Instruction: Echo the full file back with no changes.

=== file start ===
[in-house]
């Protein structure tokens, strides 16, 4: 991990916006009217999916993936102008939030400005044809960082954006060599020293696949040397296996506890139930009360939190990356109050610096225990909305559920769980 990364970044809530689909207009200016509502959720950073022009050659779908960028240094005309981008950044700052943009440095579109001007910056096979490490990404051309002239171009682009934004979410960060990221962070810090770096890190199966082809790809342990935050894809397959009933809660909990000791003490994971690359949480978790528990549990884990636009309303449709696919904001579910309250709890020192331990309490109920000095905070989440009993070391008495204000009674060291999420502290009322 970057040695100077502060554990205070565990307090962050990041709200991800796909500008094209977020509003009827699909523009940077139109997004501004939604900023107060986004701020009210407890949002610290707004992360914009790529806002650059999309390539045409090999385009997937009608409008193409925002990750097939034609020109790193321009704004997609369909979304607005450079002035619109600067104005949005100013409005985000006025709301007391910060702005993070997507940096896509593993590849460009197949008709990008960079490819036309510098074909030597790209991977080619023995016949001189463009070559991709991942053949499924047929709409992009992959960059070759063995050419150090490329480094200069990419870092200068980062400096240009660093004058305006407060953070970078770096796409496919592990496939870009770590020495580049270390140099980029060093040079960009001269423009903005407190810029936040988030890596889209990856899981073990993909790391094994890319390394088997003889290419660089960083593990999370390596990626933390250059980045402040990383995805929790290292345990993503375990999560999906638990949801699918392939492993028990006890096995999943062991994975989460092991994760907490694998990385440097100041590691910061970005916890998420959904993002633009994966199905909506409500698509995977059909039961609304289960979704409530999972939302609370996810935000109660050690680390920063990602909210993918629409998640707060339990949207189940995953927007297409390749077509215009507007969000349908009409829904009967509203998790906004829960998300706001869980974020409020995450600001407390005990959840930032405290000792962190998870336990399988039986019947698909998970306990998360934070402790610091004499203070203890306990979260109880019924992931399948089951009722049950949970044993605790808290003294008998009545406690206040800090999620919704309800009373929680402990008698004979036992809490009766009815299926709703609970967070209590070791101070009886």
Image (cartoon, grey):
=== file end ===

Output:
[in-house]
């Protein structure tokens, strides 16, 4: 991990916006009217999916993936102008939030400005044809960082954006060599020293696949040397296996506890139930009360939190990356109050610096225990909305559920769980 990364970044809530689909207009200016509502959720950073022009050659779908960028240094005309981008950044700052943009440095579109001007910056096979490490990404051309002239171009682009934004979410960060990221962070810090770096890190199966082809790809342990935050894809397959009933809660909990000791003490994971690359949480978790528990549990884990636009309303449709696919904001579910309250709890020192331990309490109920000095905070989440009993070391008495204000009674060291999420502290009322 970057040695100077502060554990205070565990307090962050990041709200991800796909500008094209977020509003009827699909523009940077139109997004501004939604900023107060986004701020009210407890949002610290707004992360914009790529806002650059999309390539045409090999385009997937009608409008193409925002990750097939034609020109790193321009704004997609369909979304607005450079002035619109600067104005949005100013409005985000006025709301007391910060702005993070997507940096896509593993590849460009197949008709990008960079490819036309510098074909030597790209991977080619023995016949001189463009070559991709991942053949499924047929709409992009992959960059070759063995050419150090490329480094200069990419870092200068980062400096240009660093004058305006407060953070970078770096796409496919592990496939870009770590020495580049270390140099980029060093040079960009001269423009903005407190810029936040988030890596889209990856899981073990993909790391094994890319390394088997003889290419660089960083593990999370390596990626933390250059980045402040990383995805929790290292345990993503375990999560999906638990949801699918392939492993028990006890096995999943062991994975989460092991994760907490694998990385440097100041590691910061970005916890998420959904993002633009994966199905909506409500698509995977059909039961609304289960979704409530999972939302609370996810935000109660050690680390920063990602909210993918629409998640707060339990949207189940995953927007297409390749077509215009507007969000349908009409829904009967509203998790906004829960998300706001869980974020409020995450600001407390005990959840930032405290000792962190998870336990399988039986019947698909998970306990998360934070402790610091004499203070203890306990979260109880019924992931399948089951009722049950949970044993605790808290003294008998009545406690206040800090999620919704309800009373929680402990008698004979036992809490009766009815299926709703609970967070209590070791101070009886």
Image (cartoon, grey):